Australia is an ever-popular destination for holidays. The basis of the appeal lies somewhere between the easy-going people, the great weather, the sprawling landscapes, the beaches, the barbecues and, of course, the wildlife. There’s so much to discover on this continent, there’s little wonder that people generally extend their stay to months at a time. There’s a wide range of places to go and things to experience all of which depend on which part of this vast continent you visit. Most people tend to move from place to place to get the most of their holiday, exploring the outback, the vibrant cities and fantastic beaches.
Driving in Australia
Road Driving Side
Urban Speed Limit
Rural Speed Limit
Motorway Speed Limit
Important things to note
If you go driving in the outback, do not expect to get a good mobile phone reception. It’s recommended to plan your journey before travelling as well as making sure you have enough fuel to keep you going – there are few petrol stations or towns to find help.
Whilst travelling in Melbourne, beware the trams and streetcars that operate around the city and inner suburbs. Dotted yellow lines over the tram tracks indicate that cars are permitted to drive over the tracks. You cannot drive over the tram track with a solid yellow line.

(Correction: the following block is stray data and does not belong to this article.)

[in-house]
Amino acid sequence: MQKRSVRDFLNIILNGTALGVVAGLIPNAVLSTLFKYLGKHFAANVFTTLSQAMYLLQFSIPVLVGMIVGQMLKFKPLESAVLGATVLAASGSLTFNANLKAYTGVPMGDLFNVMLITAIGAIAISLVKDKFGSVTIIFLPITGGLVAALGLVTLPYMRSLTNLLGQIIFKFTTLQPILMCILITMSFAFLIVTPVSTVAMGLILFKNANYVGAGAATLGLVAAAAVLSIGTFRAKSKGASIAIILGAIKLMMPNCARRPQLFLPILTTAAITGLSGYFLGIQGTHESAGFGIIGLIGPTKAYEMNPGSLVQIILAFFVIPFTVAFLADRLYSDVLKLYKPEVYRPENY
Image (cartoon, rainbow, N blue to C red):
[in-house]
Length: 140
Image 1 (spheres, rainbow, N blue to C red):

Motorways, bridges and tunnels in and around the cities of Brisbane, Melbourne and Sydney require payment of tolls. In Melbourne, and some other places, tolls are paid electronically via a transponder rather than in cash or by credit card.
Driving culture in Australia
What are the roads like Australia?
The road infrastructure is very good and the conditions of the roads tend to be excellent. Even the main roads beyond the cities are good quality being well sealed, asphalt roads.
What are Australian drivers like?
Typically, Australian drivers are fairly easy-going. While there has been an increase in road rage in recent years, this generally isn’t a problem for those drivers who are patient and observe the rules of the road. However, the roads in the Outback vary somewhat in quality and can be considered more dangerous than highways as there are no barriers or divisions from oncoming traffic.
What are the best times to drive?
It’s recommended to avoid rush hour around the most congested cities such as Sydney, Brisbane and Melbourne which, in the morning, is between 6am and 9am and in the evening between 4:30 and 7pm. Roads can generally be deserted when driving in the outback, but take extra care at night and plan well for your trip – ensuring that you have plenty of fuel and provisions.
What are the driving laws?
It is compulsory to wear seatbelts in both front and rear seats of the vehicle.
Children and babies must be seated using an appropriate child restraint for their size.
If you have an accident in Australia, which involves any person being injured or where there is property damage, the law states that you must contact the appropriate emergency authorities.
When parking, ensure you park on the left hand side of the road, clear of traffic. You will incur a fine for parking on the opposite side and facing oncoming traffic.
You cannot use a mobile handset for calls, texts or internet while driving as this is against the law. It is recommended to use a hands-free kit if you want to speak on your mobile phone whilst driving.